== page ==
Tests are an important and perhaps necessary part of schooling. When used properly, they help teachers assess student progress, show students where they need to improve, and provide parents with crucial information when deciding where to enroll their children. What frustrates parents and teachers is when achievement on standardized tests becomes the primary purpose of schooling, rather than an aid to learning.
Mandating that private schools participating in school choice programs administer the state test can also stifle innovation and diversity and drive schools away, thereby limiting the choices available to families. Fortunately, the private sector can provide less rigid and more comprehensive forms of accountability that will empower families to make informed choices.
The Benefits and Limitations of Testing
Tests can provide valuable information, but the misuse of testing can have significant unintended consequences, particularly when the tests are transformed from diagnostic tools into cudgels. As the Thomas B. Fordham Institute’s Robert Pondiscio wrote recently, the “data from tests are some of the most valuable intelligence we can access in the struggle to improve our education system.”
However, he cautions, misusing that data can distort the system:
[T]he moment you set out to trigger corrective actions and interventions using tests (which are, after all, designed merely to measure student performance), you are fundamentally shifting their function from providing evidence of student performance to something closer to the very purpose of schooling. This is precisely what has been occurring in our schools over the last decade or more. When parents complain about over‐testing, what they are responding to is not the tests themselves—which take up a vanishingly small amount of class time—but the effects of test‐and‐prep culture, which has fundamentally altered the experience of schooling for our children.
What standardized tests measure is important, but it is far from the sum total of education. An overemphasis on that which can be easily measured can come at the expense at those things that cannot be easily measured, if at all. Parents expect their children’s schools to teach them to be literate and numerate, but they also want them to develop good character, become good citizens, acquire an appreciation for the arts, and so on. These are all important components of a child’s education. Parents are understandably frustrated when a “test‐and‐prep” culture crowds them out.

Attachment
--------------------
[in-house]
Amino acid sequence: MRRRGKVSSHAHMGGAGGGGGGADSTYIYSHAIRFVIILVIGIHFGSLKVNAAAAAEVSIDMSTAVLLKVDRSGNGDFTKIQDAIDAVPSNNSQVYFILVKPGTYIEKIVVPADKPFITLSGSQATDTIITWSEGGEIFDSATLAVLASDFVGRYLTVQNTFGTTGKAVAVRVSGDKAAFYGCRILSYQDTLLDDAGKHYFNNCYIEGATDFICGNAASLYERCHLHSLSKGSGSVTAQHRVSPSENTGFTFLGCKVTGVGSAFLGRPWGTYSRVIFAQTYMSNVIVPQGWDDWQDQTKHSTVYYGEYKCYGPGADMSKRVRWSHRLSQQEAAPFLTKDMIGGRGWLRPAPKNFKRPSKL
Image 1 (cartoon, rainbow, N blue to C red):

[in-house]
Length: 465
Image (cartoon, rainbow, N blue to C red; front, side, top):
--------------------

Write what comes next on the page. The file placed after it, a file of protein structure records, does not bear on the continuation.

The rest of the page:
Moreover, several recent studies found improved test scores were only weakly correlated with important student outcomes, like attainment or future earnings, casting doubt on the effectiveness of standardized tests as proxies for overall school quality. As Prof. Jay P. Greene of the University of Arkansas explains:
Schools that produce the largest achievement test gains are not necessarily the ones that produce higher graduation, or college‐attendance rates. And sometimes schools with unimpressive achievement gains make significant contributions to attainment and annual earnings when students join the workforce. I used to think that this couldn’t be possible. All of these happy outcomes had to be aligned. They just aren’t. […]
The problem is that the high‐regulation approach needs achievement tests to be correlated with all of these other good outcomes. If they are going to pick the school choice winners and losers based on test scores, then test scores need to be strongly predictive of other things we care about. People have been very slow to accept the fact that test scores are only weakly correlated with later life outcomes because it would be so convenient if readily available and relatively inexpensive test scores could capture something as complex as school quality. The fact that they don’t throws a monkey wrench into the entire high‐regulation machinery.
Used properly, testing provides vital information to students, parents, and educators. But we should be cognizant of the limitations of testing and make sure that the tests are serving student learning rather than the reverse.
Educational Choice and The Role of Testing
Testing mandates can also undermine the effectiveness of educational choice programs by stifling diversity and innovation. When the state attaches consequences to performance on tests — particularly tests aligned with the state curriculum standards — those tests drive what is taught, when it is taught, and sometimes even how it is taught. That narrows the educational choices available to parents and students in two ways.